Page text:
As early as 2007, US Department of Labor (DOL) noted a resurgence in deadly lung diseases among coal miners, including the most disabling form among younger miners. Most disturbing is that black lung disease is preventable.
We were told black lung had been nearly eradicated in the 1990s after safety laws were enacted in 1969, but in 2007, the DOL sent a warning to coal mine operators that preventive measures had been ineffective in protecting miners’ health. The letter offered workshops on controlling coal dust and encouraged miner participation in medical screenings.
However nothing really changed until 2013 when an ABC and Center for Public Integrity investigation found that a radiology department and one doctor in particular at Johns Hopkins were misrepresenting X-ray results, defrauding hundreds of black lung victims out of benefits, while taking coal industry kickbacks.
Now, says Dr. David Blackley of the National Institute of Occupational Health and Safety, the Mine Safety and Health Administration, which regulates coal mine safety, has new rules he says will “lower miners’ dust exposures” and equip them with “wearable dust monitors." However, he adds, the rules must be effectively implemented, and he suggests that miners themselves should “speak up” if they see violations and also participate in the companies’ free X-ray programs.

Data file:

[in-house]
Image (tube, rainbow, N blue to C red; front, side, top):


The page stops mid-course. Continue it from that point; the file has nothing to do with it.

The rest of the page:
But the burden for policing coal mine safety should not be placed upon the miners, nor should medical screenings be influenced by coal companies. Sign this petition to insist Congress pass laws demanding coal companies follow all regulations to protect miners from black lung disease, with harsh penalties for failing to do so.
To Members of Congress:
The ABC and CPI investigation and subsequent lawsuit provide evidence that suggest the resurgence of black lung disease noted by the labor department in 2007 may have had more to do with coal mine companies failing to follow regulations than those regulations being ineffective in preventing the disease.
If the coal companies were willing to commit fraud and pay off doctors at a highly reputable hospital to hide evidence of coal company failures at protection AND deny those harmed by those failures and their families the benefits they deserved, then how can the coal companies be trusted now to implement the new regulations that address changes in the way coal is being mined or to never again influence doctors paid to test for black lung disease?
It is up to Congress now to pass strict laws ensuring the protection of coal mine workers from this deadly and disabling disease that US Department of Labor describes as one that can “devastate a miner’s quality of life, create a heavy burden on the victim or his or her family, and lead to premature death.”
Therefore I and those who support this petition insist that you enact laws demanding that coal companies follow all regulations to protect miners from black lung disease, with harsh penalties for failing to do so.
Thanks for your time.